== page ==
Match reaction from Tynecastle

Hearts keeper Jamie Macdonald reflects after St Johnstone scored their second goal. Gary Locke below. Pictures: Phil Wilkinson.
Hearts keeper Jamie Macdonald reflects after St Johnstone scored their second goal. Gary Locke below. Pictures: Phil Wilkinson.
0
Have your say

THE benefit of a potent strikeforce was there for all to see at Tynecastle on Saturday as Hearts suffered at the hands of Nigel Hasselbaink and Stevie May. Although defensively solid at Easter Road three days previously, individual errors again returned and St Johnstone’s forwards pounced ruthlessly.

That about summed up the afternoon as a seventh defeat in eight league outings increased fears of relegation amongst the every-loyal Gorgie support. The abandonment of St Mirren’s home match with Ross County – with the Buddie 2-0 up – due to a waterlogged pitch was the only positive of the day.

PIC PHIL WILKINSON.TSPL / JOHNSTON PRESS'hearts v st johnstone'3pm kick off'Tynecastle , Edinburgh.'Hearts manager Gary Locke

PIC PHIL WILKINSON.TSPL / JOHNSTON PRESS'hearts v st johnstone'3pm kick off'Tynecastle , Edinburgh.'Hearts manager Gary Locke

Dylan McGowan’s attempted thigh control led to Hasselbaink’s headed opener from Chris Millar’s deflected cross. Failure to properly deal with St Johnstone’s early second-half pressure saw May double the advantage. His finish was immense, curling the ball over MacDonald from a tight angle. As well as the intelligent movement and link-up play of St Johnstone’s forwards, the outstanding Tam Scobbie marshalled their defence with notable aplomb.

Hearts seemed to lack that kind of leadership. They looked despondent as soon as Hasselbaink broke the deadlock and struggled to recover. They had chances of their own during the first half as Jamie Walker, Jason Holt and young Jordan McGhee all sent efforts off target and were ruing the profligacy come full-time.

Manager Gary Locke was more upset with the erratic defending, particularly after such a solid display in last Wednesday’s League Cup quarter-final win at Easter Road. “He was disappointed with the performance of the team and the work rate,” said Kevin McHattie. “We didn’t perform as we can. Last Wednesday was a great high and the confidence was high on Thursday and Friday. Losing 2-0 has taken that right back down.

“This is going to knock the confidence but we need to build ourselves up for this week at Aberdeen. The gaffer’s been saying we need to get in to training and work our socks off to prepare for the game.”

With St Mirren’s match failing to finish, Hearts have not lost any more ground but remain 15 points adrift as they try to avoid relegation from the Scottish Premiership. “I think we can do it with the squad we’ve got but help would make a big difference,” said McHattie when asked about possible new signings if Hearts can exit administration before the January transfer window closes.

“With the size of squad we’ve got, it’s hard. A couple of injuries and we’re down to the bare bones. Hopefully in January we will be able to get a couple of players in.

“Jordan McGhee can play left-back but I’m the only preferred left-back, so I’ve got to keep myself fit.

“It’s massive that people stay behind us now. The fans have been fantastic since I came to the club three years ago. I want to thank them and hope they stick by us. Even when we lose a goal they’re behind us. Everyone is in it together and it’s great to see them backing us. You’re obviously disappointed after every game but it’s about how you react to that.”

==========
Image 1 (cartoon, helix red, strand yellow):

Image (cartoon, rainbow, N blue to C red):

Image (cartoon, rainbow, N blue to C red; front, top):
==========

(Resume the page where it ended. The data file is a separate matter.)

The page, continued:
Locke’s disappointment was etched across his face for all to see after full-time on Saturday. “We did okay in the first half and created a few chances then lost a poor goal again.

“The start of the second half killed it for us. We never defended well at all, had numerous opportunities to clear the ball and we can’t do that. Stevie May scored a good goal from his point of view but a really poor one from ours.

“The way we played during the week [against Hibs], we deserved to win the game. If we’d put in a similar type of performance on Saturday, we’d probably have taken something. We have to maintain that level of consistency and we don’t seem to be getting it. When we go a goal down, we can’t let our heads drop as badly as that because there’s still plenty time left to play. There are one or two things we need to learn from, but we need to learn quick because it’s another bad result for us.

“We’ve got the players to turn it around. It’s frustrating from my own point of view to see them do so well the other night and then defend like that. The heads were down at half-time but there’s still 45 minutes to get back in the game and the next goal was crucial. We didn’t start the second half well enough and it’s cost us.”

Tommy Wright, the St Johnstone manager, is gradually exerting his influence at McDiarmid Park and has his team playing with notable confidence. They climbed to fifth in the league as a result of this victory and are just four points behind Inverness in second place.

“We created a couple of more chances than Hearts in the first half,” said Wright. “We could possibly have had a penalty before we scored but it was nice to get the second goal. Then it’s a long way back for Hearts. We were solid at the back, we had some very good performances, and David Wotherspoon was immense. Murray Davidson came in for Patrick Cregg because we felt he was suited to this game and he had a really good game.

“Hasselbaink has now scored three in four games. It’s a nice partnership up front and Nigel’s a handful with the ball at his feet. Defenders are wary of him because he’s got good feet and body strength. I’m really pleased with him.

“Hearts had a tremendous result last Wednesday night but they do have a lot of young players. We felt if we kept the tempo of the game up it would help us.”